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Explicit "Reader" Is an Emotionless Affair

  • Christian Hamaker Contributing Writer
  • Updated Jan 19, 2009
Explicit "Reader" Is an Emotionless Affair

Release Date:  January 9, 2009 (wide)
Rating:  R (for some scenes of sexuality and nudity)
Genre:  Drama, Adaptation
Run Time:  123 min.
Director:  Stephen Daldry
Actors:  Kate Winslet, David Kross, Ralph Fiennes, Bruno Ganz, Jeanette Haine, Lena Olin, Alexandra Maria Lara

Reading is in a state of crisis, particularly among young boys. A report from the National Endowment for the Arts in 2004 showed declines in reading across all groups studied, with the steepest rate of decline among the youngest age groups. Reading among men has declined more severely than reading among women.

What might cause young boys to take up reading again? How about a movie in which a teenage boy has to read books to a woman in her 30s as “payment” for sex with her? Literature as aphrodisiac. That might just turn around those worrisome trend lines. 

Such is the arrangement between Hanna (Kate Winslet) and Michael (David Kross) carried out in The Reader, directed by Stephen Daldry (The Hours). The film is an adaptation of a Bernhard Schlink novel that gained popularity as an “Oprah’s Book Club” selection.

Hanna first encounters Michael in West Germany in 1958, sick and obviously in some distress. She takes him to her apartment and helps him clean up. He soon learns he has scarlet fever—so sick he “couldn’t even read” he tells Hanna months later, after returning to her apartment to thank her for her earlier kindness. While there, he steals a glance at Hanna as she dresses. She notices. He gets dirty doing some work for her, and she tells him he must bathe before returning home. He undresses for the bath. Now it’s Hanna’s turn to stare. She brings him a towel and tells him to dry off. She’s not wearing any clothes.

So begins an affair between the two. The scenes of sex between the two actors are very explicit, and they take up a large part of the film’s first 45 minutes. Michael, eating at home with his family after his first tryst with Hanna, smiles as he remembers their lovemaking, and the film graphically shows us his remembered thoughts.

Eager for more sexual encounters with Hanna, Michael begins to make regular visits to her apartment. She obliges, over and over again. But eventually, she demands something more from Michael, whom she calls “kid.” What she desires from Michael, beyond the sex, is to have the boy read to her. Huck Finn, Lady Chatterley’s Lover, The Odyssey. Each time Michael visits, he must read to Hanna before he can make love to her.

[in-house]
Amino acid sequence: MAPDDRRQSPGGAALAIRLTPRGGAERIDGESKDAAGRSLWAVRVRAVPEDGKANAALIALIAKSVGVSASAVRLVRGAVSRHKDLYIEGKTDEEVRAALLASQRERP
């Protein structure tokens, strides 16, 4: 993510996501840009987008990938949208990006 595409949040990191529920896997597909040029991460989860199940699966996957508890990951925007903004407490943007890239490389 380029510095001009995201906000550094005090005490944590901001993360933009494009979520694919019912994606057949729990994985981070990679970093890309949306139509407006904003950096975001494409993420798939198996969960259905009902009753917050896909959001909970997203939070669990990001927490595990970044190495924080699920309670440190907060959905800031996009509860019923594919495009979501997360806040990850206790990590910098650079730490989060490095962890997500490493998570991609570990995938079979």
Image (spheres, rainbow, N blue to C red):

Their relationship soon comes to an abrupt end, but several years later, Michael, now a law student, encounters Hanna again—at a trial for Nazi war criminals. Hanna, a defendant, is one of several former concentration-camp guards charged with specific crimes, and she shoulders a legal burden that Michael knows is not entirely hers to carry. He hears advice from his instructor (Bruno Ganz) and fellow students on how to react to the trial, even as he stays silent about his past relationship with Hanna.

Decades later, Michael (now played by Ralph Fiennes) re-establishes contact with Hanna in prison. As he struggles with a failed marriage, he sorts through the ramifications of his earlier relationship with Hanna. (We learn only then that he was 15 when he slept with Hanna.)

The Reader may be a well-regarded novel, but this film adaptation is exploitative and ineffective in making the emotional connections between Hanna and the act of reading, and being read to. The film spends too much time on Michael’s bewildered but excited perspective as he lives out a sexual fantasy. Its focus on sexual intimacy between a teenager and a much older woman is made without apology, although the older Michael hints that the lack of openness that strains his adult relationships may be traced back to his relationship with Hanna.

Fiennes takes pains to show us his conflicted soul, but scenes of him reading into a microphone are forced and rather embarrassing for the distinguished actor. Winslet is appropriately cold as Hanna, but the actress’ tendency to take her clothes off in role after role is a more interesting psychological question than anything about her character here.

The film is also visually quite dull. The camera rarely moves, nor does the drama build to a satisfying finish. Ideas of atonement are addressed briefly toward the end of the film, but the atonement is for complicity in war crimes and has little to do with the central relationship between Hanna and Michael. The idea of absolution is briefly given lip service and literacy is promoted, but the end result is unsatisfactory.

It’s nothing that a good book couldn’t cure.

Questions?  Concerns?  Contact the writer at


  • Smoking/Drinking:  Some scenes containing both.
  • Language/Profanity:  Infrequent profanity.
  • Sex/Nudity:  A naked woman in an apartment; a woman notices a boy looking at her as she dresses; a teenage boy undresses for a bath; several explicit scenes of sex between a 15-year-old boy and a much older woman, including male and female rear and frontal nudity; a woman comments that Lady Chatterley’s Lover is a “disgusting” book and that the boy reading it to her “should be ashamed” before telling him to continue reading it; a woman swims in a river, and her breasts are seen through her garment; law students shown having intercourse.
  • Violence:  Vomiting; a woman slaps her lover; stories of deaths at Auschwitz; a witness recalls a group of people who were burned to death in a church; a law student wonders why former Nazis haven’t committed suicide, and says he’d like to shoot one of them himself; man walks past a collection of shoes and bones of concentration-camp victims; an implied suicide.